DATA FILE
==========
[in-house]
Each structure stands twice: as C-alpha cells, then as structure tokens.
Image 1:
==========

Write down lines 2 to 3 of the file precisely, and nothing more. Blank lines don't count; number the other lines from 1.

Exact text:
Each structure stands twice: as C-alpha cells, then as structure tokens.
Image 1: